‘Birds of a Feather’ (ITV) Review

‘What’ll I do when you are far away and I am blue, what’ll I do?’

Ah, I have no qualms about admitting that when I heard Linda Robson sing those words and saw the familiar childhood pictures of herself and Pauline Quirke fade in and out, a broad grin grew on my face. I wasn’t even born when Birds of a Feather premiered in 1989. In fact I was only two when the original series came to an end but still Irving Berlin’s classic stirred up feelings of nostalgia. There was quite a sense of occasion and expectation surrounding the return of Birds, with it having been long-awaited and much-hyped by its stars and the press. The question is, was all of the hype worth it?

To be honest, it seems a bit too early to tell. I know, I know. Saying it’s ‘too early to tell’ might seem like a total cop-out but I genuinely think that what we saw in that opening episode is not the best that writers Laurence Marks and Maurice Gran have to offer. In fact, the renowned duo’s script seemed to be suffering from a touch of First Episode Syndrome, which sees writers temporarily putting jokes on the back burner in order to establish characters and situations – something which may be less necessary in a revived series but is still quite important. If they’d trusted viewers to dive straight back into Sharon, Tracy and Dorien’s adventures in Chigwell, not only would they have had a rather messy episode on their hands but they’d have been neglecting any possible new, younger viewers who missed the series first time around and aren’t avid viewers of the Drama channel!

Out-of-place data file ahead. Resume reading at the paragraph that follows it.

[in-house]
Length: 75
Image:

As we rejoined the Birds fifteen years after we left them, Sharon and Tracy had fallen out, Dorien was a world-renowned author of erotic fiction (though sadly no longer with “Pussy Golightly” as her protagonist) and Tracy’s son Travis (last seen born in a barn in the 1998 Christmas special) is now  seventeen years of age. There was also no sign of Sharon and Tracy’s criminal husbands Daryl and Chris, and Matt Willis had wisely replaced the rather wooden Matthew Savage as Garth. Other than that, nothing had changed, and by the end of the episode, everyone was reunited in Tracy’s house – with Garth also bringing back his girlfriend and her daughter from Australia with him.

The jokes were admittedly quite thin on the ground – a couple of innuendos and a few moments of banter between Sharon and Dorien were all that really stood out – but I do think that now that the characters have bedded in again and the writers have the first episode out of the way, the hit rate of gags will improve. The truth is, as the return of an old classic it worked reasonably well – it certainly proved popular in the Twittersphere with viewers both old and new – but had it been a brand new, fledgling (thank you!) programme, people would likely not have bothered to tune in. There was, however, an undeniable warmth and familiarity about seeing Sharon, Tracy and Dorien back.

Contrary to what many critics predicted (and probably wanted), it appears that birds of a feather have not flopped together.

Birds of a Feather is on Thursdays at 8:30pm on ITV

What did you think of the return of Birds? Do you agree or disagree with my review? Please comment below or tweet me – @UKTVReviewer.

You can also see what’s coming up on TV in the coming week on this blog, published every Saturday at midnight.

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